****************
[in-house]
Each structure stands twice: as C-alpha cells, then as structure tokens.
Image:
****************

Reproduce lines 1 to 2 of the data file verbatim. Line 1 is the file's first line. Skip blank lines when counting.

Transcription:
[in-house]
Each structure stands twice: as C-alpha cells, then as structure tokens.